Questions citing excerpts from works of literature.

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9
votes
2answers
397 views

Meaning of “dust” when referring to a person

I stumbled upon the following passage while reading Lord Dunsany (The Sphinx at Gizeh). Delilah was younger than she, and Delilah is dust. Time hath loved nothing but this worthless painted ...
1
vote
3answers
785 views

What is between dystopian and utopian?

There are many speculative fiction pieces that are labeled "dystopian" and some "utopian". Is there a specific word for the reasoned middle ground? Please let me know if this is better suited to the ...
7
votes
5answers
1k views

“Directly” in the meaning of “As soon as”

I've just read my first James Bond novel, Casino Royale. In it, I have found several instances of the word "directly" being used in a way I am not familiar with. It appears to have the meaning "when" ...
1
vote
1answer
322 views

Does the word “system” have any special meaning in literature?

I'm writing an English rendition of a Farsi passage. There's a word I'm hunting for which means methods of literary styles of writing. I came across with the word "system" in a "Farsi to English ...
1
vote
3answers
1k views

What does “noon hour” mean?

I came across the following sentence in a book. I wonder how should I interpret "noon hour": "And how shall you rise beyond your days and nights unless you break the chains which you at the ...
1
vote
1answer
141 views

Impugned and pugn'd

In Jingo, by Terry Pratchet, Lord Vetinari says: "... Sergeant Colon and Corporal Nobbs have never been pugn'd in their entire lives." What about "pugn'd"? Is it just a contraction for ...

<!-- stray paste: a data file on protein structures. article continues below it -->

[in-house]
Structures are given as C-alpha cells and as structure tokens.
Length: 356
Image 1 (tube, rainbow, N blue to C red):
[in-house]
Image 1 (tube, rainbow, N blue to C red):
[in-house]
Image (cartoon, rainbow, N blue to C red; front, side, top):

9
votes
2answers
7k views

What is the etymology of “…kick ass and take names”?

Inspired by What is this idiom?, but that question doesn't actually ask for where the expression originated. I Googled around, but couldn't find any reliable source. Surely the expression originates ...
1
vote
1answer
573 views

A Good Resource (Book, …) For Literary Techniques/Devices? [closed]

What's a good book (Or resource) on Literary Techniques/Devices in English Literature?
2
votes
3answers
445 views

Gender, generally associated with “toad” characters in English fiction and folklore

Common noun for a toad ("жаба") is of female gender in Russian. From all English literature that I read, I can remember only one toad-like character: Mr. Toad from The Wind in The Willows, and he is ...
1
vote
1answer
1k views

Common Literary Techniques for Drama Texts?

Right now we're studying a piece on drama (Disclosure: This is for school, but not necessarily for an essay or homework - It's just further study on other literary techniques that are used within ...
15
votes
6answers
2k views

What are the rules in composing a Haiku? (aside from the syllable count)

Aside from the syllable count what else do I need consider when writing a Haiku? I'm referring to the English imitation of a Haiku. I have been told that the first two lines should be descriptions ...
6
votes
3answers
690 views

“just because… doesn't mean…”

It appears to me that the construction "just because… doesn't mean…" isn't used in literature at all. Is its use limited to colloquial speech and informal writing? Note that while some people seem to ...
93
votes
123answers
31k views

What words are commonly mispronounced by literate people who read them before they heard them?

Quite a few words are mispronounced by under-educated people, or people learning English as a second language. Some words are often mispronounced by quite educated people who read, and began reading ...
11
votes
5answers
723 views

What does Maugham mean by “his spaghetti were”? [duplicate]

Possible Duplicate: Was the usage "Spaghetti were" ever acceptable or common? [Following up from, but not a duplicate of, this question by another user, which was unresolved…] ...
8
votes
5answers
1k views

What do you call the word used in prose to describe the surroundings to make prose richer?

There is a word in English which is used to describe the technique used by authors where they describe the surroundings (like sight, sounds, smells, etc.) to make the scene more rich. Like "there was ...
3
votes
4answers
2k views

What is the meaning of the phrase “a man of the world”?

The name of one of the Ernest Hemingway's short stories is "A man of the world". It seems to me that I understand the meaning of this phrase out from the context of the short story. But all the same ...